• Create time for solitude. There is nothing like quiet time to shut out the noise of our day to day lives. Often, when we are searching for 'something to fill a void,' we surround ourselves with people, things, and activities. We over schedule and over program our lives. This 'busyness' clutters the air waves. Stop. Be at home. Feed the birds. Read a novel. Watch a movie. Turn off the car radio. Be with YOU … just like with others, the more time we spend with ourselves, the better we will get to know ourselves. I have also found that keeping a journal is amazingly enlightening. This may be a stretch for some who are reading this article – that is ok. Even if you only write down only one or two thoughts you have – when you have them – it is amazing how they will grow and multiply in your mind's eye. It is a great way to reflect on your day, the lessons learned, the observations of yourself and others. It is like living it 'over' in some ways – which is incredibly powerful.
  • Stay connected. This may appear contradictory to being alone; yet, it is not. We are all connected. We are all part of the same energy of this world. To really define ourselves and get to know ourselves, we do this in relation to others. As the cliché says: “if you really want to know yourself and all your idiosyncrasies – be in a relationship!” How

    true this is. So, yes, we need both solitude and community to truly enlarge and embrace our sense of self. By staying present in the moment, some of our greatest teachers will be revealed. As the Buddhist proverb says, 'When the student is ready, the teacher will appear.'  I have found this can be through the random encounters with taxi drivers, bartenders, passengers on subways, and even our children. Yet, we have to be present to win! This means we must put down our iPhones and Blackberries, and be awake to the happenings around us. Try it the next time you are in an airport terminal – it may surprise you.

  • Trust your gut and have courage to follow it. Choices are the right and left turns on our lives' highway. If we truly listen to our 'gut' and our intuition they seldom lead us astray. Our challenge is to have the courage to listen to our gut. We often rationalize, justify, and 'sell' ourselves on what we think we need to do. Sure, there is a balance – this is called judgment. However, I will offer that in my life every single time I have not listened to my inner voice – my intuition – the decision has been far less than optimal for supporting my true and authentic self. Let go of expectations of others for your life. Many times we may have a 'hit' to do or be something other than what we are presently – and we fight it (or just flat out ignore it) because it is not what we think we should be doing. The trappings of our world are intoxicating. We often get 'drunk' on these. What I believe, however, is if we truly follow our heart's desire – we will be successful. All the other trappings will take care of themselves.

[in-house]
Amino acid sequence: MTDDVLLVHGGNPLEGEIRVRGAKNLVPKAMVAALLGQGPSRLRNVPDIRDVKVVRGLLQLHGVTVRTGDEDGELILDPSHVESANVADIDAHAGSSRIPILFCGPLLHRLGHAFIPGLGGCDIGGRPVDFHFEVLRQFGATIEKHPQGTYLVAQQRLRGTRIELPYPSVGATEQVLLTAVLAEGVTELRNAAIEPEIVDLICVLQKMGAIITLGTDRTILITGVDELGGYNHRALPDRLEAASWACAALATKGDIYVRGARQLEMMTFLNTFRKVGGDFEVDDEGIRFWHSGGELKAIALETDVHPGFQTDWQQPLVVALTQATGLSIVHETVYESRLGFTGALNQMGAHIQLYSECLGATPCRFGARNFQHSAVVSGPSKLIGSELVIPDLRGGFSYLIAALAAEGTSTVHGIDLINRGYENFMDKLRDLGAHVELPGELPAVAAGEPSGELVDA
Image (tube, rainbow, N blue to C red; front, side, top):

• Finally, be willing to play hard and possibly fall hard. Whether this is engaging in a yoga class, a lacrosse match or taking a monthly art class, we need to 'do stuff' we really love. This is our essence. We need to go for it with all the gusto we can muster. If we stumble or fall – that's ok. We are living life without fear of failure. Whew, what a concept. If only we could truly embrace the cliché: 'what would you do if you knew you could not fail' in every moment of every day.

We have the choice to grasp all the possibility within ourselves, and then act in a disciplined, concentrated and focused way. Whether we are leaders in our organizations, mothers and fathers raising our children, or simply making our way in the world, as Hawthorne offers: “No one man can, for any considerable time, wear one face to himself, and another to the multitude, without finally getting bewildered as to which is the true one.” Once we find 'the true one face,' we reveal and embrace our fullest potential with simply 'the real me.' Therein lies the power of the authentic and fully aligned self.

So, is alignment the secret to authentic power? I actually believe authenticity and alignment are synonymous. I also believe there is undeniable power in the authentic congruency of mind, body, heart, and spirit. So, yes, I believe becoming 'aligned' with your core soul, and allowing this to manifest into the world through your choices, is the secret to living your life with powerful purpose and purposeful power.

Photo credit: iStockphoto

About the author: Kristin Kaufman formed Alignment, Inc. to help individuals, teams and leaders increase their overall contribution, bottom line effectiveness and personal fulfillment. Using a well-rounded ‘end to end’ alignment process, she helps some of the world’s leading organizations achieve measurable results and develop and inspire leadership capacity for ongoing transformation. Kristin’s first book, Is This Seat Taken?, centered on her global experiences seeding her journey toward alignment, was published in 2011 to national acclaim. Kristin is on Twitter as @KristinKaufman.